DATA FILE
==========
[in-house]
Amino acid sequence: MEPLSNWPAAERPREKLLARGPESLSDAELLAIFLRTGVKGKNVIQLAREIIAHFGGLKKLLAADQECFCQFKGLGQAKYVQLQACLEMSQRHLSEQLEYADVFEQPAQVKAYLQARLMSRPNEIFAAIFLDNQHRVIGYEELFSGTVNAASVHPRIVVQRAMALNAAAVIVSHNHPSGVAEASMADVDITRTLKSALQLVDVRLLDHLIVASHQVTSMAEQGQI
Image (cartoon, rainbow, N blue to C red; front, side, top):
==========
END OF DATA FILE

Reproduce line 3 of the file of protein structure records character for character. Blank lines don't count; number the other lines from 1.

Image (cartoon, rainbow, N blue to C red; front, side, top):